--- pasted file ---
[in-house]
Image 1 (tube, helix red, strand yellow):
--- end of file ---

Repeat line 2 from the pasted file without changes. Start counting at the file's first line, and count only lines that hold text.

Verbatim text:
Image 1 (tube, helix red, strand yellow):